March 4 (Bloomberg) -- European stocks were little changed as utility shares rallied, offsetting HSBC Holdings Plc’s biggest retreat since July and a survey that showed China’s services industries slowed last month.
HSBC contributed the most to a decline by a gauge of European lenders after reporting pretax earnings that missed analysts’ estimates. BHP Billiton Ltd. and Rio Tinto Group each lost more than 2 percent as commodity producers slipped. Debenhams Plc slid the most since November 2008 after saying that profit will drop in the first half of the year because it snowed in January.
The Stoxx Europe 600 Index slipped less than 0.1 percent to 288.89 at the close of trading as more than four stocks fell for every three that rose. The equity benchmark was little changed last week as Italy’s inconclusive elections reignited concern that the euro area’s debt crisis will worsen, offsetting U.S. economic data that beat forecasts.
“It seems that equities have run a bit too fast relative to the reality of a still subdued, and in some places, vulnerable recovery,” said Witold Bahrke, who helps oversee $55 billion of assets as senior strategist at PFA Pension A/S in Copenhagen. “Together with increasing political noise, from Europe primarily, this doesn’t bode well.”
In China, the non-manufacturing purchasing managers’ index for the world’s second-largest economy fell to 54.5 in February from 56.2 in January, the National Bureau of Statistics and China Federation of Logistics and Purchasing said.
China’s government intensified its three-year campaign to cool the real estate market, ordering larger deposits and stricter enforcement of sales taxes. The People’s Bank of China’s regional branches may implement the measures in conjunction with the price-control targets of local governments, the country’s cabinet said in a statement.
In Rome, a senior aide to Democratic Party leader Pier Luigi Bersani said the country will need to hold another election if the center left fails to build a coalition commanding a majority of seats in the Senate.
The finance ministers of the 17-member euro area meet in Brussels today to discuss the planned bailout for Cyprus.
National benchmark indexes dropped in 12 of the 18 western-European markets. The U.K.’s FTSE 100 slipped 0.5 percent, France’s CAC 40 rose 0.3 percent and Germany’s DAX retreated 0.2 percent. Greece’s ASE Index lost 2.1 percent after Russell Investments reclassified the country as an emerging market.
HSBC dropped 2.5 percent to 710 pence after saying pretax earnings fell 5.6 percent in 2012 because of a record settlement for anti-money-laundering sanctions in the U.S. and a charge to revalue its own debt. Profit of $20.65 billion trailed the $23.49 billion estimate of 26 analysts surveyed by Bloomberg. The lender took a $5.2 billion charge for revaluing its debt.
A gauge of European commodity producers lost 2.1 percent for the biggest drop among the 19 industry groups on the Stoxx 600. BHP Billiton and Rio Tinto, the world’s largest mining companies, slid 2.1 percent to 2,037 pence and 3.7 percent to 3,316 pence, respectively. Kazakhmys Plc, Kazakhstan’s biggest copper producer, tumbled 5.9 percent to 555 pence.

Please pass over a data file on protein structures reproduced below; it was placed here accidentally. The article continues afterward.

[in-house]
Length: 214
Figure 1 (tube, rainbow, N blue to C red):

Anglo American Plc retreated 2.7 percent to 1,849 pence after Nomura Holdings Inc. downgraded the stock to reduce, a rating similar to sell, from neutral. The brokerage said that analysts need to lower their estimates for the company’s earnings this year.
Debenhams slumped 15 percent to 80.7 pence, for the biggest tumble on the Stoxx 600. The second-largest U.K. department store forecast that pretax profit for the first half of the year will decline to 120 million pounds ($181 million) after snow disrupted sales. Comparable revenue dropped 10 percent from Jan. 14 to Jan. 27, the retailer said.
Metro AG retreated 6.2 percent to 21.14 euros as Citigroup Inc. cut its price forecast for Germany’s largest retailer to 15 euros from 19 euros and repeated a sell recommendation. The shares slid on March 1 after Metro cut its full-year dividend 26 percent and posted earnings that missed analysts’ estimates.
Taylor Wimpey Plc dropped 2.6 percent to 81.45 pence after the U.K. housebuilder was downgraded to sell from neutral at Citigroup. The brokerage said the shares have rallied too far compared with other companies in its industry.
France Telecom SA surged 5.7 percent to 7.72 euros, its biggest rally in seven months. France’s largest phone company was raised to overweight, meaning that investors should buy the shares, from underweight at Morgan Stanley, which said the stock could rally 50 percent.
An index of European utilities rose to its highest level in a month. Veolia Environnement SA jumped 6 percent to 10.22 euros for the biggest gain on the gauge.
Repsol SA advanced 2.5 percent to 16.70 euros. The Spanish oil producer sold a 5.04 percent stake to Temasek Holdings Pte for 1.04 billion euros ($1.35 billion). Singapore’s state-owned investment company bought the treasury shares for 16.01 euros apiece in the country’s largest ever investment in Spain.
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